New Orleans / Oklahoma City - The Hornets are a tough one. They suffered through a 4-19 stretch early in the season when both their point guards, their power forward, their small forward and the guy who rebounds basketballs during shooting drills were all hurt. They are 24-17 on the rest of the season. They were my pick to qualify as of the All Star break. But with their squad as healthy as it's been all season and with Tyson Chandler looking like a younger Ben Wallace (now that's ironic), they are a disappointing and dismal 0-6 in March. Yikes. Earlier this week, they got some mixed injury news - Peja Stojakovic, out most of the season, has been cleared for contact drills and could be back for the stretch run, but on the same day, Chris Paul was diagnosed with a stress reaction in his foot which will require surgery in the off season. He's not planning on missing any time, but it must be bothering him. If you're the Hornets, you'd like to have both those guys, but Paul is the key.
Sacramento - The Kings have lost their last four, after winning the four before that. They have a superstar who was recently arrested and chemistry problems when he is allowed to play. They have a very difficult remaining schedule, with only two games against teams out of the playoff race and six games against the top teams. More than anything, like Minnesota, they strike me as a team that has been too good in their recent history to be motivated to push hard for an 8th seed. They can't play next season with Bibby and Artest, so they are looking to make major changes in the off-season, win or lose. They might as well get it over with. Lose now, blow it up, start over.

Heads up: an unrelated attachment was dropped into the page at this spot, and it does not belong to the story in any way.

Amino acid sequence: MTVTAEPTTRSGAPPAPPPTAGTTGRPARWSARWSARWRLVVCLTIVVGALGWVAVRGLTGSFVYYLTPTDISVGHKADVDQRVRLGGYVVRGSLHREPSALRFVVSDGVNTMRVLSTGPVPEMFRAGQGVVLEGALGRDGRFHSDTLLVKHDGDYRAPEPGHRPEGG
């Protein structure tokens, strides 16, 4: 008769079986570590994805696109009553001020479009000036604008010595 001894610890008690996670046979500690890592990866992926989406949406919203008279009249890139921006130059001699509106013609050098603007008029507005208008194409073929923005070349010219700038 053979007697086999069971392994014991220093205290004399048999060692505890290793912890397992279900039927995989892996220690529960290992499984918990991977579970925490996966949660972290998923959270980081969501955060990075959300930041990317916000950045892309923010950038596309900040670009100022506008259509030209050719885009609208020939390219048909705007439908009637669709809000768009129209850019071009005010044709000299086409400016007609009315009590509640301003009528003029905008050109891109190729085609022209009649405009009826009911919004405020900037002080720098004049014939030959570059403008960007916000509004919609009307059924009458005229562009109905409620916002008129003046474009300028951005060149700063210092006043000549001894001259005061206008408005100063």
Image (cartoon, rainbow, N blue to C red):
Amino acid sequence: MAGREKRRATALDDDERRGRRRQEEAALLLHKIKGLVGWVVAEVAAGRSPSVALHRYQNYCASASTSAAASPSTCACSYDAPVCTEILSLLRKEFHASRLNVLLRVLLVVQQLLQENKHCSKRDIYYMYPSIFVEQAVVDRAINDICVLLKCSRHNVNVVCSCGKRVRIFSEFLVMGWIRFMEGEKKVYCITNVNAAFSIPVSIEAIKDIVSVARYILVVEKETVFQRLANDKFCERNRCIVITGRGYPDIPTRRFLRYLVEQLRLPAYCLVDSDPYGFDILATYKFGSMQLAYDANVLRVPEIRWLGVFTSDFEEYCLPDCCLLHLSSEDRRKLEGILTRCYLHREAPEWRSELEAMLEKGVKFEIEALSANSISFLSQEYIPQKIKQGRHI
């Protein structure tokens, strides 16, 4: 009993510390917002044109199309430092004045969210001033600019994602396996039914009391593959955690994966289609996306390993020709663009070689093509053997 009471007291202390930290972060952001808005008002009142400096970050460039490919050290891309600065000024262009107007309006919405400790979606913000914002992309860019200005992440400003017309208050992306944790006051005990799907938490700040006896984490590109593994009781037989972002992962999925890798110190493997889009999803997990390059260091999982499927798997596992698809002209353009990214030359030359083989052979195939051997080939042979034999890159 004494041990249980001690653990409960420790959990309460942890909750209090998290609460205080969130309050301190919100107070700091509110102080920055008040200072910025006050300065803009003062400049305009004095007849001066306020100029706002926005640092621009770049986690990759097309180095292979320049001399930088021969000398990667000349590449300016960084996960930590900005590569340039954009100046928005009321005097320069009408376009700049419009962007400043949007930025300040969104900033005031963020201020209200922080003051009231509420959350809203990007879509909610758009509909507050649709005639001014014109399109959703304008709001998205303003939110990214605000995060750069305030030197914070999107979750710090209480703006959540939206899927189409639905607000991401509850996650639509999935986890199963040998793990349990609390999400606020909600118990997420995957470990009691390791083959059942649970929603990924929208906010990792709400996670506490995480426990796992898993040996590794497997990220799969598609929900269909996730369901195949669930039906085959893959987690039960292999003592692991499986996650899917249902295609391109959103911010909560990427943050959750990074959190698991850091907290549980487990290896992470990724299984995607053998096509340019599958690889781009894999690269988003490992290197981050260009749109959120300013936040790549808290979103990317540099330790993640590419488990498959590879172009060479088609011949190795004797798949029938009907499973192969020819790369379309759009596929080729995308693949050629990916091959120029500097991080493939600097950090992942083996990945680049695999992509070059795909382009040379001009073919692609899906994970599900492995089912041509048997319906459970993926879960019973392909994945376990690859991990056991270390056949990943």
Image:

So how will this play out? It's close enough that ANY team that gets hot can make the playoffs, and any team that bombs will be out. You have to figure the Nuggets, Lakers and Warriors have the inside tracks for the last three playoff spots: the Nuggets and Lakers simply by virtue of their head start, and the Warriors because they LOOK to be the best team of the bunch right now. On the other end, the Wolves and Kings have the least to play for, and therefore seem the least likely to make a push. The Clippers have the talent, the motivation and certainly the opportunity to make a run, but only if Sam Cassell can return and play well.